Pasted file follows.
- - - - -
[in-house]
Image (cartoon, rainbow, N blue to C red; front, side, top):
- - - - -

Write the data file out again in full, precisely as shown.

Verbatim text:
[in-house]
Image (cartoon, rainbow, N blue to C red; front, side, top):